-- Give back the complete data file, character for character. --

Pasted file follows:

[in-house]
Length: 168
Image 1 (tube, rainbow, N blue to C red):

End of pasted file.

[in-house]
Length: 168
Image 1 (tube, rainbow, N blue to C red):